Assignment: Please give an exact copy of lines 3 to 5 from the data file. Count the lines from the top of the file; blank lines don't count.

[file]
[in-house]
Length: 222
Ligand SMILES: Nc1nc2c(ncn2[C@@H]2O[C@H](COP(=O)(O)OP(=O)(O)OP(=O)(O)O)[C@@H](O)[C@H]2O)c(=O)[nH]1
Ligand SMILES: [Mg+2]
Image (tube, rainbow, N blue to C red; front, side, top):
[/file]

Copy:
Ligand SMILES: Nc1nc2c(ncn2[C@@H]2O[C@H](COP(=O)(O)OP(=O)(O)OP(=O)(O)O)[C@@H](O)[C@H]2O)c(=O)[nH]1
Ligand SMILES: [Mg+2]
Image (tube, rainbow, N blue to C red; front, side, top):